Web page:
Shaken, Not Stirred: The Many Drinks and Bites of James Bond
From the vodka martini to Heineken, the many dishes and drinks of James Bond
Today on The Daily Meal
As the world counts down to the release of the latest James Bond thriller, Skyfall, the drink orders just keep coming: "Martini, shaken, not stirred." Yes, the legendary con man has inspired the world to drink as he does — but not everyone is impressed with his latest choice.
Bond is a character known for his shaken martinis, expensive bottles of champagne, and refined taste in drinks, so the idea that James Bond will be sipping on a Heineken in the newest movie has die-hard fans outraged. Even a former James Bond actor, George Lazenby, decried the idea that Bond could be a beer drinker. But the rumored $45 million deal between Heineken and the movie franchise is what pays for the big-bang, special-effects Bond action movies we all adore. Said Daniel Craig, the hunk behind Skyfall, Casino Royale, and Quantum of Solace, to Moviefone, "We have relationships with a number of companies so that we can make this movie. The simple fact is that, without them, we couldn't do it. It's unfortunate but that's how it is." He later told Vanity Fair, "He likes a lot of drinks — Heineken, champagne; it’s all in there.”
In fact, product placement deals have often dictated what James Bond imbibes; first it was a short-lived Budweiser deal in the 1989 A License to Kill (yes, Bond really did drink a Bud with lime). Then, Bond was seen drinking Stolichnaya vodka, and then Smirnoff. And the deal between Bollinger champagne and the movie franchise is nearly as old as the franchise itself; it all began with a handshake deal between the producers of the first James Bond films and the Bollinger family. (In fact, it should be noted that Bond actually drinks more champagne than martinis throughout the films — Dom Perignon, Taittinger, Bollinger, the man will drink it all.)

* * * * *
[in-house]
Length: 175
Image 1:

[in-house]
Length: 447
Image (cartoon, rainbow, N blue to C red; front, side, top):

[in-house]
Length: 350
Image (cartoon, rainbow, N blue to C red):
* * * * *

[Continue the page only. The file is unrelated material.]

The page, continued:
And his food tastes are no different. After all, this is a man that loves his caviar. As Simon Winder explained in his book, The Man Who Saved Britain — James Bond, Ian Fleming created Bond as a food lover to provide something to aspire to for Brits undeniably hardened by the post-war era. And what better way to indulge than to read (and now watch) James Bond indulge on six-course dinners? But Bond isn’t a food snob; he has what you could call a particular, and acquired, taste. For example, no one loves scrambled eggs as much as Bond. (However, you’ll see that the majority of food references are only found in Fleming’s books and not the movies — clearly, action films can’t be slowed down with meals, especially if they're going to focus so heavily on the booze.)
Still, it’s his choice of food and drink that makes Bond the refined consumer he is. No other man could order a mojito — yes, a mojito — and make it look good (we’re looking at you, Pierce Brosnan). And it’s the "shaken, not stirred" line in Ian Fleming’s novel Diamonds Are Forever that defined Bond as we know him. Whether drinking champagne or or eating toast (yep, the man loves toast), , the man knows how to make the life of a spy — and the dishes of a spy — look sophisticated.
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